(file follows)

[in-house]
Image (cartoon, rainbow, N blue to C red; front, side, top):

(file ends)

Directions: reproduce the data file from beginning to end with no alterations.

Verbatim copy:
[in-house]
Image (cartoon, rainbow, N blue to C red; front, side, top):